Lost Book Review

A few months ago I was watching Inside Out with Molly. We were watching the scene where the imaginary pink elephant does not get in the wagon. Molly asked where the elephant went and when I told her that he would not be coming back she instantly started to cry. As a parent, I was no where near prepared for this moment, and realized I didn’t even have a go to book in Molly’s library on this topic, until now.

Lost, written by Christine Reynebeau and illustrated by Rachael Hawkes, is an honest picture book that explains loss to young readers.

Lucy has a favorite toy, her stuffed giraffe Lou, who goes everywhere with her. Lou and Lucy have an incredible bond and go on many adventures together. Lou is always there for Lucy. One day Lucy goes on a cruise with her family and Lou falls off the ship into the sea. He is officially lost. Lucy goes through the emotional stages of grieving the loss of her favorite toy.

As with other books by this author, I LOVE the way that concepts are explained. Loss is by no means an easy idea to explain to a child, but this book does a fantastic job of discussing a difficult topic.

I love that Lucy seeks out comfort from her parents and that her dad makes it a point to explain loss. Dad uses kid friendly language to not only comfort Lucy, but to guide her through the process. The illustrations that support the text are absolutely spot on and help elaborate on Dad’s words. Readers can easily infer the text based on the pictures.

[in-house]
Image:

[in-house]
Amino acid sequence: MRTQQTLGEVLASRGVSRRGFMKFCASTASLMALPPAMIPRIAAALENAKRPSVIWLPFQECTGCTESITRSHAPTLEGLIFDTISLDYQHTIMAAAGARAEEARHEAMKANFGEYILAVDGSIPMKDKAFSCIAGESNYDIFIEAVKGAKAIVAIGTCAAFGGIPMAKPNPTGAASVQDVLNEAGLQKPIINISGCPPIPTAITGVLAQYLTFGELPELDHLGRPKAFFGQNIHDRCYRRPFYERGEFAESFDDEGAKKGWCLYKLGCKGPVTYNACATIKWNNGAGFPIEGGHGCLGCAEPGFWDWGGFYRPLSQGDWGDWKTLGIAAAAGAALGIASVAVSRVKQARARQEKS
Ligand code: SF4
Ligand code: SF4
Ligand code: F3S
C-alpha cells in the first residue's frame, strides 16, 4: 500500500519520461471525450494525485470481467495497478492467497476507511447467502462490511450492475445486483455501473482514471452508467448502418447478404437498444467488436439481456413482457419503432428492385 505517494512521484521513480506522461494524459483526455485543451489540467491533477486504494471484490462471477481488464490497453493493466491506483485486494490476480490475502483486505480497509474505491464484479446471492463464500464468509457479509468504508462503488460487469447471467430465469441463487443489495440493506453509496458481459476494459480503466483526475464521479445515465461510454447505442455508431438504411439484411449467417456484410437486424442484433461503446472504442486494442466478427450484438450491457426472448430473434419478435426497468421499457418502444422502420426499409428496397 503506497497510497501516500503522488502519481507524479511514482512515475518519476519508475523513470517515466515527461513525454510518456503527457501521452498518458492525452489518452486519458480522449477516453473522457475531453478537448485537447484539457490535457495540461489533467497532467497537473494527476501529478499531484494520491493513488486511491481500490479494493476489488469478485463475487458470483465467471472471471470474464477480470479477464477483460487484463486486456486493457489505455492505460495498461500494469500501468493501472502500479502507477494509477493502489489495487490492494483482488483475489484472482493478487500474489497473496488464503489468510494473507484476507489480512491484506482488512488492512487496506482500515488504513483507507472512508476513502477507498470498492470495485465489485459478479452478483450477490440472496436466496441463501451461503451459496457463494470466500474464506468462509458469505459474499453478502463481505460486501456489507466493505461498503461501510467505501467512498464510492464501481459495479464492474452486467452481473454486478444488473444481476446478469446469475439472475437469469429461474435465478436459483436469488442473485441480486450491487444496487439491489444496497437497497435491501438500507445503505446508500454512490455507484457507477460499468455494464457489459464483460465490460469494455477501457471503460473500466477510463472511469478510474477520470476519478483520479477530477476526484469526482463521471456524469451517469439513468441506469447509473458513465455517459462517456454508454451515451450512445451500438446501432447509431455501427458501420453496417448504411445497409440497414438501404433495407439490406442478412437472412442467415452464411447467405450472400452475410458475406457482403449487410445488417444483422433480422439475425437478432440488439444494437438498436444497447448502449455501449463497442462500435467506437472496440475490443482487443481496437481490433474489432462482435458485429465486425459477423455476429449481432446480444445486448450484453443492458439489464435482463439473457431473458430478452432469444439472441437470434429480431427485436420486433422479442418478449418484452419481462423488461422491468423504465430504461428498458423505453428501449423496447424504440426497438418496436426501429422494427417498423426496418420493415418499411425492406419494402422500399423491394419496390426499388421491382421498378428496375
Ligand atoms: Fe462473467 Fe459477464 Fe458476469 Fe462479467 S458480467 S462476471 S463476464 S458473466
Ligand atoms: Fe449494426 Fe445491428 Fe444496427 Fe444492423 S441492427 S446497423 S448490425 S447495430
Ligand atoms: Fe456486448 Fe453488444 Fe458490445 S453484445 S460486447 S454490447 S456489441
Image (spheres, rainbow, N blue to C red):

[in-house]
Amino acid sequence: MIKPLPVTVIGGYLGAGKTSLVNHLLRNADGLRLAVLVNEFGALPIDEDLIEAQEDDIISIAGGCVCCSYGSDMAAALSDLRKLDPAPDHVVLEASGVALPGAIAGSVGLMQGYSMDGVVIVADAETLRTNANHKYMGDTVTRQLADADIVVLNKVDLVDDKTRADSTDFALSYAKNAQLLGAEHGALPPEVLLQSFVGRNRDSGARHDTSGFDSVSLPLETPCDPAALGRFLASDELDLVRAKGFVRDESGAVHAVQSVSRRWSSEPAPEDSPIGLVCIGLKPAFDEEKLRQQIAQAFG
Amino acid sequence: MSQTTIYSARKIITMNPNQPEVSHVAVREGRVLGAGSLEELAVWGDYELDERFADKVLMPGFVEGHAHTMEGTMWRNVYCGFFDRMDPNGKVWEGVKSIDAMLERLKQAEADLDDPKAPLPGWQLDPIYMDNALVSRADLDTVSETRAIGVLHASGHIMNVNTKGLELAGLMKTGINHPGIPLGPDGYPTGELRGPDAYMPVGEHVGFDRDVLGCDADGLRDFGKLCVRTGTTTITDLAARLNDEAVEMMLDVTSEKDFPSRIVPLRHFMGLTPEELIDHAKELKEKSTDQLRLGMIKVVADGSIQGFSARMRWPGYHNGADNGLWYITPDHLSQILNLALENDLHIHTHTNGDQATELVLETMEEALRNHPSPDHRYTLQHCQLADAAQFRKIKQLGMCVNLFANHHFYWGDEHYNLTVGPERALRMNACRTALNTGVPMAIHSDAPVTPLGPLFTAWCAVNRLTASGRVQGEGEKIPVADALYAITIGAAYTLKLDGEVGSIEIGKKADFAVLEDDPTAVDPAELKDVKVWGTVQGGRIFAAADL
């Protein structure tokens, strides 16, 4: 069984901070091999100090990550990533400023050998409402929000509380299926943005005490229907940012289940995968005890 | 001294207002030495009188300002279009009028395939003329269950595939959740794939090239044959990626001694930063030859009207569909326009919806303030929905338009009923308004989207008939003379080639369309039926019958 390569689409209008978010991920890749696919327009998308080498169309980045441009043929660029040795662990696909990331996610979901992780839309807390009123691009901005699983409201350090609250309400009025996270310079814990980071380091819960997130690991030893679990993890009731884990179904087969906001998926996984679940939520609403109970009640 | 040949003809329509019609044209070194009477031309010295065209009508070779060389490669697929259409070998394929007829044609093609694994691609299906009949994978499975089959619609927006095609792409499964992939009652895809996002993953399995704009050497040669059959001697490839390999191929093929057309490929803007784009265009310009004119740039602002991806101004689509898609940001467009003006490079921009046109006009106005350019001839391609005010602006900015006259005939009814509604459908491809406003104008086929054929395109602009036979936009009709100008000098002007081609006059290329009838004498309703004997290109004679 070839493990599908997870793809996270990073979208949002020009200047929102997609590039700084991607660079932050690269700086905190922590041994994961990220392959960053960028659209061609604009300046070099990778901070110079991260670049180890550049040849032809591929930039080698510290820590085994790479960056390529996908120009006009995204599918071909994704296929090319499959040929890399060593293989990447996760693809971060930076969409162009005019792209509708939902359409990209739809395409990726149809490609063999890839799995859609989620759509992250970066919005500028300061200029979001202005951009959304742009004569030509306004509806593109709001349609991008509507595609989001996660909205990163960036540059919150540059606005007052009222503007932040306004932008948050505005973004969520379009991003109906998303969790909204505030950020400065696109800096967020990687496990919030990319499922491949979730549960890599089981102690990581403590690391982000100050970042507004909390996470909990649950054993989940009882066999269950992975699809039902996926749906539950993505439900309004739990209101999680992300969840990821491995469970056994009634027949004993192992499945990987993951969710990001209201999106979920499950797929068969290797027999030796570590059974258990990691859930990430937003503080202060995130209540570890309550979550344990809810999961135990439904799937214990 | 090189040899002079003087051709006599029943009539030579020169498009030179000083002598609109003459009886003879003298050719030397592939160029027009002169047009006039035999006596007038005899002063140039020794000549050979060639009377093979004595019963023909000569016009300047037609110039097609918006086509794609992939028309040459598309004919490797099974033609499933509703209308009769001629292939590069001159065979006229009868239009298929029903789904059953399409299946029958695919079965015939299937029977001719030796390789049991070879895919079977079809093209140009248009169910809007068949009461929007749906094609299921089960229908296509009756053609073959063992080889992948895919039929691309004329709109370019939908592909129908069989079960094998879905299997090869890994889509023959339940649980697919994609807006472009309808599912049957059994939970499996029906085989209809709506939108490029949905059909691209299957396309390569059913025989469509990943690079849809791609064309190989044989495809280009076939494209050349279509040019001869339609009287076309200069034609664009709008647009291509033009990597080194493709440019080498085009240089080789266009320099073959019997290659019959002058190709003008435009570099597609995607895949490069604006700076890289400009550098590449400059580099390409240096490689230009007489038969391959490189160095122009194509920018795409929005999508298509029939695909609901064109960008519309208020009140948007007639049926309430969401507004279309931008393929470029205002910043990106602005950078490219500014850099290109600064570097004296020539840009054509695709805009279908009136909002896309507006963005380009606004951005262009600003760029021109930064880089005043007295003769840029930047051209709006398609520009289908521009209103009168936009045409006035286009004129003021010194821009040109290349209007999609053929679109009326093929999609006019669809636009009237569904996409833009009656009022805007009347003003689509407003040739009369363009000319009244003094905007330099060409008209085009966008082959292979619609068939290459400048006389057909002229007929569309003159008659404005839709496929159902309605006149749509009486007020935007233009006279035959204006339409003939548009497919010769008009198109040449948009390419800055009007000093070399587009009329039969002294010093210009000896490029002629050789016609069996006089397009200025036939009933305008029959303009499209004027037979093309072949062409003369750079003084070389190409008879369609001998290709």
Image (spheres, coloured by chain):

Readers see Lucy experience joy, sadness, and love throughout the story. Some days she feels happy and may not think about Lou, but then feels guilty for this. The realness of Lucy’s journey is authentic and relatable to readers of all ages. It gives readers all the feels.

DreamBuilt Books has created diverse texts and Lost is no exception.  I love the inclusiveness represented in the story.

I would recommend this books for ages preschool-2nd grade.

To purchase the book, click here 

 

Little Reading Coach is a certified Teacher of English (K-12) and Reading Specialist (P-12) offering online reading and writing tutoring services for students in grades 3-12. For more information click here.

 

Using Social Media to Find New Books

I don’t about you, but every once and a while I go through a reading slump. It’s like when you can’t decide what movie to watch, but instead you can’t pick a book to read. When I have moments like this, I look to social media for some inspiration.

Facebook groups– These are amazing! Not only do participants post books they’re reading, they also ask for suggestions and often engage in a quick book discussions. One of my favorite parts of being a member of these groups is how honest people are. It also keeps me up to date on the new releases are current best sellers.

Following authors on Instagram– Personally, this is one of my favorite things to do in general. Authors are incredible people and love to share their love of reading. They will often post stories about what they’re currently reading, or share information about an author friend’s new book.

Friends on Goodreads- As a true bookworm, I love Goodreads. It’s such a great way to see what your friends are reading, how they rated books, and to see what authors are doing. I’ve been a member of Goodreads for years now and I have to tell you my absolute favorite part about it…THE GIVEAWAYS!! They are free to enter and you can add books to your To Read list. It’s kind of amazing.

Finding pins on Pinterest– Pinterest is the most addicting thing ever. The amount of boards I have with different recipes, teaching activities, and future office decor is insane. Some people create really great reading lists for each season, holiday or new releases. I love that you can get super specific with book lists, like apple picking for preschoolers, so I can find exactly what I’m looking for.